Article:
Dollar eases vs. yen, Trump seen setting sights on Japan for trade issues
The dollar eased against the yen on Friday after a report suggested that Japan would be the next country with which U.S. President Donald Trump will take up trade issues.
The U.S. currency held in relatively tight ranges against other major peers such as the euro and pound, with the market bracing for the highly anticipated U.S. jobs report due later in the session.
According to CNBC television, President Trump hinted to a Wall Street Journal columnist that he might next take up trade issues with Japan.
The U.S. president has already challenged China, Mexico, Canada and the European Union on trade issues. He has repeatedly accused other countries of devaluing their currencies and putting the United States at a disadvantage.
The dollar extended overnight losses and last traded at 110.57 yen for a loss of 0.17 percent.
“In addition to dollar/yen, other currencies have also declined against the yen. Although the real motive behind Trump’s comments is still unclear at this stage, the market has taken note of the possibility of Japan being affected by a broader trade conflict,” said Shusuke Yamada, currency and equity strategist at Bank of America Merrill Lynch in Tokyo.
Trump has previously expressed displeasure towards the large U.S. trade deficit with Japan. But so far Washington has not asked Tokyo to take specific steps to address the trade imbalance.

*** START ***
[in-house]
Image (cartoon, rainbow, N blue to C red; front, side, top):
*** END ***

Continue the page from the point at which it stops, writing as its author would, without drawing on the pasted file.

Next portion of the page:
“Ongoing NAFTA negotiations with Canada might not provide Trump with much support ahead of the midterm elections, there’s little progress in trade talks with China and car tariff discussions with the European Union have a long way to go,” said Daisuke Karakama, chief market economist at Mizuho Bank.
“Under such circumstances it would not be surprising if Trump has decided to turn his focus on Japan.”
Global trade concerns continued to take a toll on broader risk sentiment, further supporting the yen, which is seen as a safe haven.
The euro was down 0.2 percent at 128.39 yen and the pound had shed 0.2 percent to 142.88 yen.
The Australian dollar lost 0.6 percent to 79.20 yen, slipping to a new 21-month trough.
Against the greenback, the Aussie was down 0.5 percent at $0.7163, edging back towards a two-year low of $0.7145 plumbed on Wednesday.
The currency, considered a barometer of broader risk sentiment, has taken heavy hits from recent tumult in emerging markets.
An uncertain economic outlook for China, Australia’s key trading partner, has also weighed on the Aussie.
Asian equities sagged across the board on Friday, with a public comment period for proposed U.S. tariffs on an additional $200 billion worth of Chinese imports ending at 0400 GMT.
The tariffs could go into effect shortly afterward, which would mark a sharp escalation of an ongoing trade conflict between the world’s two biggest economies.
The dollar index against a basket of six major currencies was little changed at 95.05 after losing about 0.2 percent on Thursday, pulling further back from a two-week peak scaled on Tuesday amid turmoil in emerging market currencies.
In focus was the August U.S. non-farm payrolls report due at 1230 GMT. The U.S. economy is expected to have added about 191,000 jobs in August, with average earnings at 0.2 percent month-on-month compared to 0.3 percent from July.
The Federal Reserve is poised to hike interest rates this month, its third monetary tightening move in 2018, and the employment data is expected to shape investors’ near-term outlook on interest rates.
The euro was 0.05 percent weaker at $1.1617, having gained about 0.15 percent this week.
The pound was steady at $1.2928 after rising 0.15 percent the previous day. Sterling was down 0.3 percent on the week.
China’s yuan was down 0.2 percent at 6.8410 in onshore trade.